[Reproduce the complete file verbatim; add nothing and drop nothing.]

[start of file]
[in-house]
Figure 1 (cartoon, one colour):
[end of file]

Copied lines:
[in-house]
Figure 1 (cartoon, one colour):